Another photo taken at Bankhead, circa 1906 - once again, the crew are without official uniforms. With thanks to Mike Mitchell.
An Aberdeen Motorman (No 9) - photo undated. It is unclear whether the individual depicted is AST or ACT, as both issued motormen with jackets and caps in this style. What is clear is that the buttons are plain, and that the badge he is wearing appears in no other photo of an Aberdeen tramwayman, either AST or ACT. It is in fact in the shape of the arms of Aberdeen, so could have been a personal addition (AST tramcars carried a similar shaped device on their waist panels). The metal number on his lapel is another mystery, as it is not seen in any other photos, again, either AST or ACT. The only thing that is certain, is that the photograph was taken in Aberdeen. Author's collection.
Conductor, Inspector (Mr Kerr) and motorman (George Cruikshank) pose with Tramcar No 5 at Mannofield Depot circa 1904/5. Note the close adherence to corporation uniform policy, both in the style of the jackets and the caps (conductor in kepi-style cap and motorman in military-style cap). With thanks to Mike Mitchell.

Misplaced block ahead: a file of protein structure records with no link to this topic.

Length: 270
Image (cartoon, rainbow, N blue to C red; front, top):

An inspector, and rather tense-looking motorman, pose with Tramcar No 6 at the Bankhead Terminus - photo undated, but probably taken in the 1920s. Note the round badge on the inspector's lapel. With thanks to Mike Mitchell.
Conductress and motorman with Tramcar No 4 at Bankside, some time between 1915 and 1919. With thanks to Mike Mitchell.
Conductress and motorman with Tramcar No 8 at Mannofield Depot - photo taken during or shortly after the First World War. With thanks to Mike Mitchell.
Conductress and motorman with Tramcar No 7 at Bieldside, some time between 1915 and 1919. With thanks to Mike Mitchell.